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DLA Piper Australia

4.2
  • 1,000 - 50,000 employees

Thanaya Naidu

The graduate program is a great opportunity to experience working in commercial law and there is no expectation that graduates have prior work experience in the legal industry.

What's your job about?

DLA Piper is global law firm that offers a full range of legal services with a focus on quality and value to our clients. DLA Piper has offices in more than 40 countries with the aim of positioning ourselves to help our clients with their legal needs around the world. On a day to day basis we work with teams in other countries to provide clients the best possible service.

I clerked with DLA Piper in 2019/2020 and worked in Finance, Projects and Restructuring. This experience was eye opening and rewarding as it gave me the opportunity to work alongside the restructuring team who advised one of the largest steel and power companies in the world. We collaborated with lawyers from our Singapore and London offices.

In 2021 I began my graduate programme and am currently completing my first rotation in Litigation & Regulation. Graduates at DLA Piper get to rotate in three different teams which gives us the opportunity to see what style of work and practice group we prefer. 

Every day I get to work on a few different matters and am exposed to various aspects of the law from construction to insurance to the duties of medical professionals. Generally, timetables or deadlines in litigation are determined by the Court which means that you can prepare in advance. I like this because I can organise my time efficiently. As I have only been in the team for a couple of months I generally complete complex research, attend court proceedings or meetings with solicitors and draft internal documents.

What's your background?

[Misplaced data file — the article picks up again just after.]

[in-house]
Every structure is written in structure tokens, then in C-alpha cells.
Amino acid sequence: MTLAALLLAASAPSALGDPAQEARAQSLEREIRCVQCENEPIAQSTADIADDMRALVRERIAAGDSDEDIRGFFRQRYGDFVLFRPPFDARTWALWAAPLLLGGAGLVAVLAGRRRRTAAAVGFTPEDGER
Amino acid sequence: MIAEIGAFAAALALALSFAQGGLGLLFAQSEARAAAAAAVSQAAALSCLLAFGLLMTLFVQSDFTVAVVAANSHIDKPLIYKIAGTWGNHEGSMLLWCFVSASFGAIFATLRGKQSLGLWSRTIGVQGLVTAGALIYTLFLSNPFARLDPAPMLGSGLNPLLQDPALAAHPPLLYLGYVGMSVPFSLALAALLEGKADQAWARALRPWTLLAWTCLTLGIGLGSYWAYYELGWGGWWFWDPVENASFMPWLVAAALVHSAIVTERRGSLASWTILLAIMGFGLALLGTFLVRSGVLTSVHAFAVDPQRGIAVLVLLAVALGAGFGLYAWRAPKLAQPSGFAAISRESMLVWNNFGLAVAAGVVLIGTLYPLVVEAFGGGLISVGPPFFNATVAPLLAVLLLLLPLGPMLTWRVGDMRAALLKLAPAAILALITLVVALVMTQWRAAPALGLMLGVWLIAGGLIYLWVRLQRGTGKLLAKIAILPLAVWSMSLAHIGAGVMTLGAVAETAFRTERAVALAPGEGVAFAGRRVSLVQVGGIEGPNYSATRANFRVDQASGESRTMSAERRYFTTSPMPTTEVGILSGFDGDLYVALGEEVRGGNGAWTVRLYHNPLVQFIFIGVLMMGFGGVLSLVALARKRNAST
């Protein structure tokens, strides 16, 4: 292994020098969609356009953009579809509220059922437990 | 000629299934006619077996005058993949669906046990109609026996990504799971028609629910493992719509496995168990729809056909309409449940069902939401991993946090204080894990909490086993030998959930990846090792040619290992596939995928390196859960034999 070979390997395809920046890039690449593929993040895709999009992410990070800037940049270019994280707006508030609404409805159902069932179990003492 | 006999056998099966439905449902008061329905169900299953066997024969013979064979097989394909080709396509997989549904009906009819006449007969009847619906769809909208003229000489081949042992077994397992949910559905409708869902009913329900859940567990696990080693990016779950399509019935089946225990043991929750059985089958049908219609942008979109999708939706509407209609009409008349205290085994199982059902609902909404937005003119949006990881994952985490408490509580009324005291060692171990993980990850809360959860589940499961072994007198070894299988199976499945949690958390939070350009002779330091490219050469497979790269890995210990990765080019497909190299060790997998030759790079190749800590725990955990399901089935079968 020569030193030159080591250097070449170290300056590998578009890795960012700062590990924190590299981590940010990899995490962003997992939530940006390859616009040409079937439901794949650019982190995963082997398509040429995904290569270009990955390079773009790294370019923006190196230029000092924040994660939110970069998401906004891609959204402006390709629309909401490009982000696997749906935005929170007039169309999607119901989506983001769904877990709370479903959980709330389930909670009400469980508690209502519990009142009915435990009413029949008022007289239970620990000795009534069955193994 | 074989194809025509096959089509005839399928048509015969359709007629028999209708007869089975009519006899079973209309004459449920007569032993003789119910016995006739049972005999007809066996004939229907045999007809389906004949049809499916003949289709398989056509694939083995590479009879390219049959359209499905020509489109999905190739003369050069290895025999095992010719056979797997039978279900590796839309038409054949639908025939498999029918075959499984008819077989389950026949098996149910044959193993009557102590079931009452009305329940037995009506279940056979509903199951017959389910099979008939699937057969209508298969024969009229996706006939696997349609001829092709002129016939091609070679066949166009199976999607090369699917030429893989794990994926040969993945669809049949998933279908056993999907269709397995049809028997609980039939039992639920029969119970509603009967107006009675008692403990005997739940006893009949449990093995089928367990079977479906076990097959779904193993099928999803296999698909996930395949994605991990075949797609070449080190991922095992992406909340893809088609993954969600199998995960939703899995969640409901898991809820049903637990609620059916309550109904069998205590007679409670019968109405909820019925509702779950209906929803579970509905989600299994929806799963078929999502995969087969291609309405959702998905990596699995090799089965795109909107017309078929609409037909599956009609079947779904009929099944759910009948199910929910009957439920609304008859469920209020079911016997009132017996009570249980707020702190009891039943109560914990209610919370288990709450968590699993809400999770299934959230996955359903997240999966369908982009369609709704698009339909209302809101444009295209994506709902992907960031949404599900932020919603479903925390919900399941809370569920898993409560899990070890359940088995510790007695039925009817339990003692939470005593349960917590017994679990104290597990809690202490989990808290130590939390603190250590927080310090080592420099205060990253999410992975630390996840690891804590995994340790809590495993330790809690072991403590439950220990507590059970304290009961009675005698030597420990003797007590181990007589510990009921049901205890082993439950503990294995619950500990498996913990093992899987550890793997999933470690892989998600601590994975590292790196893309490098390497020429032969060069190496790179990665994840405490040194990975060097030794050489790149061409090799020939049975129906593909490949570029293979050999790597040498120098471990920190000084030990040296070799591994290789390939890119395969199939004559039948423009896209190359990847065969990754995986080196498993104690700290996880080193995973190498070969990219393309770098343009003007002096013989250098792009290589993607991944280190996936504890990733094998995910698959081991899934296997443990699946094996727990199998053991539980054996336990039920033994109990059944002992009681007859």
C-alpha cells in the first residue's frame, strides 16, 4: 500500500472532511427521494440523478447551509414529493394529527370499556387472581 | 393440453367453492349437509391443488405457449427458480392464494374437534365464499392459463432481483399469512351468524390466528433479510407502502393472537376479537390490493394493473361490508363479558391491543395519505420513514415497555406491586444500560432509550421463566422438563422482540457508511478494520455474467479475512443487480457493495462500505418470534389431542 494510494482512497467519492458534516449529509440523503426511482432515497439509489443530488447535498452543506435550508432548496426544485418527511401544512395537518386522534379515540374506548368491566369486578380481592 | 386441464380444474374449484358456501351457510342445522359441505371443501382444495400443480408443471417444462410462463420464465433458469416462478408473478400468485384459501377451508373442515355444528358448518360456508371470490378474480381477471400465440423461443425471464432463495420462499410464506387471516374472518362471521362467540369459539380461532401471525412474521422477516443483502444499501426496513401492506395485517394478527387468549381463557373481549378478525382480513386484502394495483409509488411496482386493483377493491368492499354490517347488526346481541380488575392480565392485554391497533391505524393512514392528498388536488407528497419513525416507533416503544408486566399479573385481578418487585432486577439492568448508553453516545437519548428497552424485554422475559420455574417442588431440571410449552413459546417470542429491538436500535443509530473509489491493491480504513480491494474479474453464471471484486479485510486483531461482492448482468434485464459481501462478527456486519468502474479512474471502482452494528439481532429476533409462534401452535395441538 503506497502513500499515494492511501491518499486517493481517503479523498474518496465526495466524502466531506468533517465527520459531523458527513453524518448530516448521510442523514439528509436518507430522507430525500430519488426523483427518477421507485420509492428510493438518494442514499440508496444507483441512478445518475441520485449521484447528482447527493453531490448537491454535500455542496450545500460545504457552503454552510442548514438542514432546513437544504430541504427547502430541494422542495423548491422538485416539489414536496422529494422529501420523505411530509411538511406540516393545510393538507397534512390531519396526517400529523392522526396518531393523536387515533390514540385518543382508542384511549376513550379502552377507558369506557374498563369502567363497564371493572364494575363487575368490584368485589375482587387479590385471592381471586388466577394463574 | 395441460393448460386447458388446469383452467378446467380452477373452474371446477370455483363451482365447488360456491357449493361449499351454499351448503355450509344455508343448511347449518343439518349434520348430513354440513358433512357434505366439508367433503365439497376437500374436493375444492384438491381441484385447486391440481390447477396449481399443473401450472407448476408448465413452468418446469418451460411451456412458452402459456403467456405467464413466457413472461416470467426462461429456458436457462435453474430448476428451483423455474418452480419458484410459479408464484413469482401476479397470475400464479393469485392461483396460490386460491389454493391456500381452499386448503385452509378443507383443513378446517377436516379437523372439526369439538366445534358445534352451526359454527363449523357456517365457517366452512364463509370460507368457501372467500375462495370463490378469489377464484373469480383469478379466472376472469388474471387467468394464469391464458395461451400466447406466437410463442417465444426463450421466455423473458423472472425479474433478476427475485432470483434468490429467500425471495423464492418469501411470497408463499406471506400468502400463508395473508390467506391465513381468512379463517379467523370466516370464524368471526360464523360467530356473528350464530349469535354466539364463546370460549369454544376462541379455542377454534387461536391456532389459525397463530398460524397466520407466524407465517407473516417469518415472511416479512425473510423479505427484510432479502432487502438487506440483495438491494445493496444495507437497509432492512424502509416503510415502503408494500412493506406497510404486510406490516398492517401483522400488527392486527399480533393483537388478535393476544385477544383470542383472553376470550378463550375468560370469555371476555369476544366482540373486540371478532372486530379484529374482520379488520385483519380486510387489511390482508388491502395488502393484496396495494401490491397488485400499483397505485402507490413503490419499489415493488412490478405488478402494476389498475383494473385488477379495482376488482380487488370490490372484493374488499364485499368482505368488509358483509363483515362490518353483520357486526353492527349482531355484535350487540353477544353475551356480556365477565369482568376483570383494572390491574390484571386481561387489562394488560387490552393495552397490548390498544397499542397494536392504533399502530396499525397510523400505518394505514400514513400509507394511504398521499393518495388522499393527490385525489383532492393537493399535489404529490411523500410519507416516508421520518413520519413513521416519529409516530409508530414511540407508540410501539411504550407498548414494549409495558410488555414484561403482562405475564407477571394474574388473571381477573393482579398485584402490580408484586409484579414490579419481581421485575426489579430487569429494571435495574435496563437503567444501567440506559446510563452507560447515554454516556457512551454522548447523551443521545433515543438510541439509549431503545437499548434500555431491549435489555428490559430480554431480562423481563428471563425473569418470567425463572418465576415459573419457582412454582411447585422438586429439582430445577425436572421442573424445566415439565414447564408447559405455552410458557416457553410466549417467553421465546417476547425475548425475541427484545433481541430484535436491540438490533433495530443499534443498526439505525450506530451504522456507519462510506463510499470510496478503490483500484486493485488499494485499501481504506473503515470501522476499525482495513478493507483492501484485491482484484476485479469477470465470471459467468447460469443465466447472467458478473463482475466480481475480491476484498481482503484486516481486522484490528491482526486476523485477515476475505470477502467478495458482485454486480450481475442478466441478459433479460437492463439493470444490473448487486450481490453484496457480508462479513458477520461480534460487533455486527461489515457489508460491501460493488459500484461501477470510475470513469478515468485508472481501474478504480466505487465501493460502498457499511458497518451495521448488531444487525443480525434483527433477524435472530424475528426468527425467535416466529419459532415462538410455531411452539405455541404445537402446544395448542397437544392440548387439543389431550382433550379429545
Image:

I was born in South Africa and moved to Sydney when I was 2. I attended my local government primary and high school and had inspiring teachers who helped me develop my interpersonal skills and fostered my interests in justice and advocacy. Travelling pre-pandemic was a major part of my life and a passion instilled by my parents. We were fortunate enough to regularly travel and visit family overseas. In year 10 I went on exchange to Germany where I lived with a host family and attended school with my host sister.

As a creative person, my life is filled with dance classes, band practice and drama rehearsals. I considered a career allied to dance but I was interested in law and politics.  After school, I took a gap semester to complete my graduation in classical Indian Dancing, Bharatnatyum. This experience developed my work ethic and tenacity.

I decided to go to ANU and loved living on campus, in a different city.  I was not sure whether I wanted to become a lawyer or work in economic policy. So I did an undergraduate degree and during this time worked in a few law firms, interned in government organisations and decided that I wanted to become a practicing solicitor. Off to law school I went. I was lucky enough to work in a CLC and a law firm as a paralegal during my Juris Doctor and was the VP (Careers) on the ANU Law Students Society.

Could someone with a different background do your job?

100%, yes! There are people of all cultural and social backgrounds with different life and educational experience at DLA Piper. This is something I love about the firm. We all have something unique to offer and it’s really interesting getting to know your colleagues. I think as long as you have good interpersonal skills, are proactive, hard-working and have a law degree you can become a graduate. The graduate program is a great opportunity to experience working in commercial law and there is no expectation that graduates have prior work experience in the legal industry.

What's the coolest thing about your job?

Even as a graduate I get to see my work being used as the basis for an advice to a client, in court documents or by a barrister. It is super rewarding and to see how the work you are completing forms part of the end product my team produces.  

What are the limitations of your job?

In my current team we are conscious of  catering to our clients’ needs as efficiently as possible. As a junior, it can be tricky to determine the best way to deliver our services effectively.

3 pieces of advice for yourself when you were a student...

  1. Don’t burn yourself out! There is so much pressure to study, work, do internships, be involved in societies etc. It is important to learn what your limits are and stick to them.
  2. Find a hobby or activity which is just for you, not something to bolster your resume or network but just something for fun.
  3. Be genuine and do things that make you the best version of you.